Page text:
Title: The Sopranos- season 1
Genre: Comedy / Drama
Stars: James Gandolfini (Actor), Lorraine Bracco (Actor), Alan Taylor (Director), Allen Coulter (Director)
Watched: First season: April 20-28, 2011
Status: Six seasons, series finished
Summary: The HBO missing link
For whatever reason The Sopranos remained the only real HBO drama that I hadn’t seen. I’ve been a huge HBO original programming fan as far back as Dream On, but I just never got around to Tony and crew.
It’s interesting to see it after the fact, after having watched Rome, Deadwood, Six Feet Under, Carnivale, True Blood, The Wire, Big Love, Game of Thrones, Boardwalk Empire, etc. This is an intermediate stage in the development of today’s long form visual medium. The Sopranos, like all HBO dramas, is very well written. Where it shines is in character building. Not development per se, but in the creation of unique and interesting personalities. The casting is spot on and nearly every member shines as distinctive and amusing individuals. But inherently, this is a recipe HBO has really mastered, blending casting, writing, and acting to make seamless characters.
It isn’t (in this first season) as well plotted as some of its sucessor shows. Less happens, and the events are a bit less dramatic. This isn’t to say that nothing’s going on, but we don’t have the momentous and shocking events every fifteen minutes that are the hallmark of the mid 2000s shows. I suspect later seasons may grow into this. The net net of this was that I wasn’t quite as riveted by the events, and certain subplots dragged, but the characters certainly kept me watching.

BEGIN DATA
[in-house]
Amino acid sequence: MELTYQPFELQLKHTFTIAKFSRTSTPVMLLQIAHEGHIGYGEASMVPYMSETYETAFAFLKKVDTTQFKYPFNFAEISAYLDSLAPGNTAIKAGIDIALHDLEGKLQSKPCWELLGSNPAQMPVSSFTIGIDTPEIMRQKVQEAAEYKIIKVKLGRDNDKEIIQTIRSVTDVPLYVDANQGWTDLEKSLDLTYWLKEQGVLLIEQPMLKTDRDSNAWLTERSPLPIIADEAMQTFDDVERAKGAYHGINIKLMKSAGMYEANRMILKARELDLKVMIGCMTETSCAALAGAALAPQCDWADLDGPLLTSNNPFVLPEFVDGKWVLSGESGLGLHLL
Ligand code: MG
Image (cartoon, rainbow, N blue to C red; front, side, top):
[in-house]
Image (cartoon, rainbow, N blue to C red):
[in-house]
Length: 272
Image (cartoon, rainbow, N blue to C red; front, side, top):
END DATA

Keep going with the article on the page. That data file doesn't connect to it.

There is something to note here, which is the odd dichotomy of the like-ability of most of the cast and their “trade” as cold and murderous mobsters. The show strikes a slightly comic and not entirely realistic tone with regard to this, making it easier to disregard the violence and keep on liking them. And like them I certainly did, particularly Tony. James Gandolfini shines in this role, nailing his particular brand of goomba charisma. His mother is perfect too (although fun to hate) as the manipulative bitch that she is.
I was also a bit ambivalent about the central premise of the mafia boss in psychotherapy. Although I did like the shrink, and I liked the amusing way in which Tony would sometimes describe a happening in mild mannered terms while the visuals showed it “the way it really was.” I often enjoy this this sort of humor. At times the overall conceit felt a little forced, but it basically works.
So I’ll start in on season 2, particularly as I’ve heard the series only gets better.
For my review of season 2, see here.
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